Peter Chafer liked it. So much so that despite my protests that the sign-off would seem formulaic, he insisted I say it at the end of every programme – as I did for more than 23 years. Crimewatch soon produced results. Frustratingly, it could be difficult to report arrests out of fears that we might be in contempt of court because each case took months to get to trial. Also – as in the murders of Sarah Payne and James Bulger – it was sometimes hard to know how decisive Crimewatch information was or whether a case might have been solved anyway.
And one case we got wrong. Several calls about the murder of Rachel Nickell, who had been stabbed on Wimbledon Common in 1992, named a local unemployed man, Colin Stagg, with one piece of information that seemed vital. It turned out the viewers were mistaken, but their calls added to detectives’ suspicions about Stagg, who was subjected to a police honey-trap, arrested, charged and eventually acquitted. The killer wasn’t found for 13 years and is now in Broadmoor.
But often the outcome was sensational and occasionally the atmosphere in the studio was electric. One night I remember vividly was an appeal on the murder of Julie Dart and the abduction of Stephanie Slater, a case that was making headline news. Stephanie had been through an appalling ordeal; raped, confined in something like a coffin and only released when a ransom had been paid. But she proved a remarkable witness and we were able to reconstruct a lot of detail she recalled, not least that her abductor had a limp, the colour of his car and that every now and then she had heard what sounded like a cash register’s ker-ching.
One viewer was nonplussed. Her ex-husband lived in the area, he had a limp, in fact he had an artificial leg, had the same accent and his car was just as Stephanie described. Her son was watching too and rang her up. Surely, he said, it can’t be dad. That led detectives to check out Michael Sams. At his garage, where he had his workshop, they found a sliding door. As it opened, a warning bell went off. It went ker-ching.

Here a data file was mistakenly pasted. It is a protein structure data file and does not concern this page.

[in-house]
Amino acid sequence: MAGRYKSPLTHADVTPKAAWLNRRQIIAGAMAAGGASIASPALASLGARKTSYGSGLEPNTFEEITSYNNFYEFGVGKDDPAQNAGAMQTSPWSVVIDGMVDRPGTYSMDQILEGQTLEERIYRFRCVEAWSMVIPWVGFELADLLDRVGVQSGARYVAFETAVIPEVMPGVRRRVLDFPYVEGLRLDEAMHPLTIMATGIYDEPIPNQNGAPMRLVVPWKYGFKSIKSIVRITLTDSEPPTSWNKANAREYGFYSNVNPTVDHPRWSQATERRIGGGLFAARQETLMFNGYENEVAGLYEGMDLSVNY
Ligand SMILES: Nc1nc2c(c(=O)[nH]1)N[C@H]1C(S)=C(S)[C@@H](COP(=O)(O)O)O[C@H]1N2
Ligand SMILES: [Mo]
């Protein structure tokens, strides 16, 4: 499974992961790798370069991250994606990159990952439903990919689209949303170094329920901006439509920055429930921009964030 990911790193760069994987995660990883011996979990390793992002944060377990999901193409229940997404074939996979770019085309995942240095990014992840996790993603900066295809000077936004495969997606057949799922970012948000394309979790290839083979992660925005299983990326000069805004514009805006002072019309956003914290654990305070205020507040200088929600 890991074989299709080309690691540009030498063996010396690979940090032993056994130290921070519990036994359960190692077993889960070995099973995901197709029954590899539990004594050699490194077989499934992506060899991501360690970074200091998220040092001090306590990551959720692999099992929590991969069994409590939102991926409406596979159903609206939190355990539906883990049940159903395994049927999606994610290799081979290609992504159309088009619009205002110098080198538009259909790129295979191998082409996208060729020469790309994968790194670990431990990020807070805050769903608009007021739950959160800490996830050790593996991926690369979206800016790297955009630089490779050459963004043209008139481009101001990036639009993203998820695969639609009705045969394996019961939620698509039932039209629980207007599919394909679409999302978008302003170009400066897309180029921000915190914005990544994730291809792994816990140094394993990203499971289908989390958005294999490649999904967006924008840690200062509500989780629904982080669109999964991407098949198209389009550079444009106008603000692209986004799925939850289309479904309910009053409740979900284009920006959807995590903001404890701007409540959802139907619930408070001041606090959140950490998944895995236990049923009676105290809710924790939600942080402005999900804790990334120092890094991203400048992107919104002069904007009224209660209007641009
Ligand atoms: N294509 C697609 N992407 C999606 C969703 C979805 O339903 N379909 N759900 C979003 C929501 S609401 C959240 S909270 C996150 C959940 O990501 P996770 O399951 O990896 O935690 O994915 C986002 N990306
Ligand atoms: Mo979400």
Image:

Yet, strangely perhaps, it wasn’t the successes that made the biggest impression on the team. It was the victims. People’s reactions to crime were surprisingly unpredictable. A relatively minor event could make a family want to move home while occasionally a horrific trauma was met with equanimity. One evening I sat in a cutting room having offered Merlyn Nuttall a preview of our reconstruction of her ordeal in 1992. She had been raped and had her throat cut before being left for dead in a burning building. After watching the tape, we were close to tears. She was perfectly composed. ”Yes,’’ she said quietly, “that’s very accurate. Thank you.”
The nobility of Suzy Lamplugh’s parents also deeply impressed me, after their daughter was abducted in Fulham in 1986, and I kept in touch for years with Suzy’s mother, Diana, who died in 2011.